View Full Version : Natalie p's
11-27-2006, 02:18 AM
I've decided to build the Natalie P's in bookshelf size; http://www.htguide.com/forum/showthread.php4?t=13969&page=1&pp=35
This is my first attempt at speaker building/assembling , I would appreciate any insights you experienced builders can give me.
I will be using the Parts Express finished cabinets.
1. I have a 1/4" straight router bit, can I use this or should I buy an "up spiral" bit?
2.What kind of wire do you use for the crossover? stranded? solid? 14 gauge 16 gauge?
3.How much damping material should be used, or is this trial and error?
11-27-2006, 01:43 PM
I've built a few speakers, so I'll give you my opinions:
1. I think the straight bit will work for you. I usually use a spiral upcut, and it's probably better for this type of work, but if you'll go slow and use multiple, shallow cuts, I think you can get by with the straight bit. A circle cutting jig is almost essential: If you don't have one, get that first.
Those finished PE cabinets are nice, well-built cabinets, and much better than what most inexperienced cabinet builders would be able to build. It's somewhat difficult to make your driver cutouts without scratching up the pre-finished baffles. Some people have had success applying stick-on "shelf paper" -similar to contact paper but not as sticky so that you can remove it- to the baffles first, to protect them, but that didn't work well for me. When I cut through the paper, the edge wanted to lift and catch on the bottom of the router (or circle jig). I ended up scratching the baffles anyway and refinishing them.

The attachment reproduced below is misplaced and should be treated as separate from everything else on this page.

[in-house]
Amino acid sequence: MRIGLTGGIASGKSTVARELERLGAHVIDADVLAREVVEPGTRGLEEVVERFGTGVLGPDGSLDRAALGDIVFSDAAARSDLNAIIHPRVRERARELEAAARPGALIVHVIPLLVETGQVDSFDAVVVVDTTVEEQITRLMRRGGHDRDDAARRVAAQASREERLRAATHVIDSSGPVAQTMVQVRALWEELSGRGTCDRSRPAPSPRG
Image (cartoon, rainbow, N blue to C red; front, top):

2. I doubt that your choice of wire is going to be real critical. I bought a couple of colors of "hookup wire" from Radio Shack - I usually use 16ga, but you could use heavier or lighter, depending on your preference- and that's what I use for connecting the drivers to the crossover, crossover to binding posts, and whatever jumpers I need to use in building the crossover. I use good 4% silver solder.
3. On a popular DIY design like the Natalie P's, you should be able to find some guideline for how much damping and what type to use, then you can probably adjust it to your taste after the speaker is essentially complete. If you were starting from scratch, then I would say it's largely trial and error, but on a popular design, someone who's already built them should be able to give you a good starting point. I'd ask that question on the PE or Madisound boards.
11-27-2006, 06:08 PM
Thanks for your help, I really appreciate it.
I do plan on getting one of the Jasper circle jigs.
11-27-2006, 06:49 PM
A fellow polkie was planning on building this and decided to sell the kit because he had other projects in the queue. You might want to check to see if it's still available.
11-27-2006, 07:02 PM
Thanks, but he already sold the kit.
11-28-2006, 10:51 AM
One other thing I just thought of regarding your router bit: Those baffles are 1" thick, so be sure you've got a long enough bit to cut all the way through.
I still think the straight bit will work, but on deep cuts like that is where the spiral upcut works well because it helps to bring most of the shavings (or dust, when you're dealing with MDF) to the top. I assume that if you've got a router you are familiar with how to use it, but like I said above, just go slow and don't try to cut more than about 1/8" at a time. Be sure to cut your recess for the driver mounting flanges before you cut the hole all the way through.
11-28-2006, 07:26 PM
don't try to cut more than about 1/8" at a time. Be sure to cut your recess for the driver mounting flanges before you cut the hole all the way through.
Wow, 1" baffle 6 drivers, 1/8 at a time we're talking a minimum of 48 passes, not including the recesses. My arms are going to be sore;).
I think I'll buy the spiral bit , should be able to do it in half the passes, or am I mistaken, should I only cut 1/8" at a time with the spiral bit?
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